Office of Education Standards inspectors have given a ‘satisfactory’ rating to the Cayman Islands Further Education Centre.
Following their inspection last month, the inspectors said the George Town school was satisfactory overall, and specifically in areas such as progress in students’ learning and behaviour, students’ civic and environmental responsibilities, and attainment and progress in English and science.
According to the OES, the only two weak areas were attainment and progress in mathematics. The inspectors reported that the school was fully aware of this issue and had already identified this as a top priority to address.
The OES defines a ‘satisfactory’ rating as “the minimum level of quality required for the Cayman Islands. All key aspects of performance and practice in every school should meet or exceed this level.”
CIFEC principal Delores Thompson said, this year, the school has taken a two-pronged approach to raise achievement in mathematics.
“Math teachers began the year going through incoming grades with students, looking at profile grades, as well as CAT [Common Admission Test] predictors,” Thompson said.
“Together, they have set reasonable targets which at minimum show one grade improvement, and there are additional prep classes held during lunch times, after school, and during school breaks.”
Thompson said CIFEC this year held a ‘Math Week’, where students participated in daily mathematics questions, games and activities. She said two guest speakers had talked to students about how mathematics is used in their industries.
“Based on feedback from the inspection, we will look at making the prep sessions mandatory for students who really need them. We will also look at scaffolding and differentiation in math, especially for special educational needs students,” Thompson said.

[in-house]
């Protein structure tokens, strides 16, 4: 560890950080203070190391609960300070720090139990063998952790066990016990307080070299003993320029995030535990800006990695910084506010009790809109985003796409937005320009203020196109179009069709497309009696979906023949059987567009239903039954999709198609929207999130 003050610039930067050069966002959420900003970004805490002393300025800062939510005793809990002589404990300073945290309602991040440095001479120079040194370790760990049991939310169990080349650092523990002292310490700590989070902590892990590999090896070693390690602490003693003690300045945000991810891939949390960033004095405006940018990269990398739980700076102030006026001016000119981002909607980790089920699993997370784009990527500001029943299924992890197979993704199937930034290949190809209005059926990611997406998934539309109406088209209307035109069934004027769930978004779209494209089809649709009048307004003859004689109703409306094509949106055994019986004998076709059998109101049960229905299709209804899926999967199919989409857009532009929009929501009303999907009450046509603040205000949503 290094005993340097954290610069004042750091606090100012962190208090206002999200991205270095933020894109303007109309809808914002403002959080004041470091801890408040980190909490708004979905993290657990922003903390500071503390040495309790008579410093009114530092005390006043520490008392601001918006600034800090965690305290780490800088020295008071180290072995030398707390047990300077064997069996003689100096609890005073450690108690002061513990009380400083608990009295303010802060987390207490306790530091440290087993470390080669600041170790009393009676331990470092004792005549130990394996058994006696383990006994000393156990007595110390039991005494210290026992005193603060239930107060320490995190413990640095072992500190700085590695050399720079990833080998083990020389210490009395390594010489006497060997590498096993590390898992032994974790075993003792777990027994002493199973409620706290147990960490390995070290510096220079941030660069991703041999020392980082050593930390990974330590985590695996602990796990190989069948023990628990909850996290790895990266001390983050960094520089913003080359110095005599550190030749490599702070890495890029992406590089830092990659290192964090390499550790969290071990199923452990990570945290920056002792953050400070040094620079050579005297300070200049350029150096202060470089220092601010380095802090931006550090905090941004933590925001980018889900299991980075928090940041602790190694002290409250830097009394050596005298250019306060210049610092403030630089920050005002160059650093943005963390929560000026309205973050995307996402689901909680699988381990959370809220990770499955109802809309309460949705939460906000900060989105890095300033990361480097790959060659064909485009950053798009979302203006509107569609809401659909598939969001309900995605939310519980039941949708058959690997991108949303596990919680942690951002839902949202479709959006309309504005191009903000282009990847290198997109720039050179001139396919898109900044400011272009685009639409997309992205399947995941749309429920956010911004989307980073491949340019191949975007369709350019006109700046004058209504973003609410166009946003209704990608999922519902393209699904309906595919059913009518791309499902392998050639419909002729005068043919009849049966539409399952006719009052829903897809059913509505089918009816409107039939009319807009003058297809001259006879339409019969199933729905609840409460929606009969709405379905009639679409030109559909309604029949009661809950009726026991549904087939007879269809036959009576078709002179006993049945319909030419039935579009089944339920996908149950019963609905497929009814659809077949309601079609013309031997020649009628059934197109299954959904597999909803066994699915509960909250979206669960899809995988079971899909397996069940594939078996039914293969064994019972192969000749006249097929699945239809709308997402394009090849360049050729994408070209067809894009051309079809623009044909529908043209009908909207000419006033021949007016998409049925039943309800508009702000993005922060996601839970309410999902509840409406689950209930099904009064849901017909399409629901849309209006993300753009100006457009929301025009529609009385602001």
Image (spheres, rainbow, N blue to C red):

The principal added that CIFEC has a new special educational needs coordinator who started in November and who is helping to train other teachers in this area.
The OES inspectors rated CIFEC as ‘good’ in curriculum, health and safety, and leader self-evaluation.
The report noted there are plans to relocate the school in 2021 to the premises now occupied by the John Gray High School.
“There needs to be a shift from ‘this is hard, I can’t do this’, to ‘everyone can improve in mathematics, and together we are going to do this’. Students need to see the relevance in what they are doing and how it applies to their everyday lives,” Thompson said about the school’s planned improvements.
CIFEC was established in 2010 in response to government’s decision to restructure the school system to separate the Year 7 to 11 programme from the Year 12 programme. The curriculum for the Year 12 programme is designed to address the needs of students leaving school after Year 11 without the requisite skills to be successful in the workplace or the necessary qualifications to matriculate to institutions of higher learning.
The school is planning to have an annual Technical-Vocational Education and Training showcase on 26 March, at 5-7pm.